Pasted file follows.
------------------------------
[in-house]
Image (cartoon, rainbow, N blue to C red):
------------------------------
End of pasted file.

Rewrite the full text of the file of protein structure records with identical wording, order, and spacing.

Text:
[in-house]
Image (cartoon, rainbow, N blue to C red):